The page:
Imagine you’ve walked into a bookstore, browsing for something new. Besides an explicit recommendation, how do you decide what to read? If you’re like most people, you reach for a book that looks interesting… based on the cover. Mokoto Rich of the New York Times discusses how the e-book era may prevent us from judging a book by its cover and the ramifications that has for authors:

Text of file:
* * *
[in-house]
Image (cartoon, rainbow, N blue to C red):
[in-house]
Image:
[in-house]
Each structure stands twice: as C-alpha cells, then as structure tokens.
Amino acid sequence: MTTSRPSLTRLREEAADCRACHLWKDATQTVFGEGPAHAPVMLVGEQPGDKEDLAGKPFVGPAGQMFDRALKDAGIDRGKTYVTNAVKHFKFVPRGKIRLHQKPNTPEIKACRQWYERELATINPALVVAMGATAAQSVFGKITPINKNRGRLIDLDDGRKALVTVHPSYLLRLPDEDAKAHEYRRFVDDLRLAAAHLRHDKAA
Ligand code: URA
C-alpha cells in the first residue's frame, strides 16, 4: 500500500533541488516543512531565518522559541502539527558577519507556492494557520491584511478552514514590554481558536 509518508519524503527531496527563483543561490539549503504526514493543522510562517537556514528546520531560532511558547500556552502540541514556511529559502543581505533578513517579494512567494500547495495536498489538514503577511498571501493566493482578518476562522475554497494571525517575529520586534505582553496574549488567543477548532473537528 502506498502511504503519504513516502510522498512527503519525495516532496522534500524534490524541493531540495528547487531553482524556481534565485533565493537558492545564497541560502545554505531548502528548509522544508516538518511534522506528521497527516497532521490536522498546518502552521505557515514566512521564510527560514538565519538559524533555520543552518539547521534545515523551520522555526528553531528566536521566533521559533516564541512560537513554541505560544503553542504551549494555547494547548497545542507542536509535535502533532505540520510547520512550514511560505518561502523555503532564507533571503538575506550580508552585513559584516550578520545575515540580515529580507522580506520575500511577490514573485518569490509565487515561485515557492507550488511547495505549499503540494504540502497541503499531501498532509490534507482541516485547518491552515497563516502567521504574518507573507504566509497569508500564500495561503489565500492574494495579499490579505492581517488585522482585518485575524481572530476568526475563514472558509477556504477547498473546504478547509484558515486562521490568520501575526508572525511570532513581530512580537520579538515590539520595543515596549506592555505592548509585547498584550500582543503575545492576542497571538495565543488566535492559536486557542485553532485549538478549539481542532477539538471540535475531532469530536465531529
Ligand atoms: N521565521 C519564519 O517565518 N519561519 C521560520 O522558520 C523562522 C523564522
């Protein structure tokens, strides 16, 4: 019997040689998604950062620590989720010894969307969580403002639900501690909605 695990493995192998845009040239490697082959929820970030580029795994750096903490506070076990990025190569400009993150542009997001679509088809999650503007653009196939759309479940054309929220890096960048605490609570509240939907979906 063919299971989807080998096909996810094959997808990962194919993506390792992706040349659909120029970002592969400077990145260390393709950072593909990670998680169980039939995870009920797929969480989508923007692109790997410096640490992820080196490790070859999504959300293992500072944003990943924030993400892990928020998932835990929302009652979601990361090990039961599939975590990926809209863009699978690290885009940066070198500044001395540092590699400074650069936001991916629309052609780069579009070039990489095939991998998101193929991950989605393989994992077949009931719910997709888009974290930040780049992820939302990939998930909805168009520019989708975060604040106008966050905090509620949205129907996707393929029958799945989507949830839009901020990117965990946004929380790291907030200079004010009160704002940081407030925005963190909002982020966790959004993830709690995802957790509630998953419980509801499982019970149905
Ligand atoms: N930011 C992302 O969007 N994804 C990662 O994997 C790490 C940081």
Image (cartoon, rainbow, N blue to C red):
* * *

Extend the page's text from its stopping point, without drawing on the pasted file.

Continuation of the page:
Among other changes heralded by the e-book era, digital editions are bumping book covers off the subway, the coffee table and the beach. That is a loss for publishers and authors, who enjoy some free advertising for their books in printed form: if you notice the jackets on the books people are reading on a plane or in the park, you might decide to check out The Girl With the Dragon Tattoo or The Help, too.
“So often when you’re thinking of a book, you remember its cover,” said Jeffrey C. Alexander, professor of cultural sociology at Yale. “It’s a way of drawing people through the visual into reading.”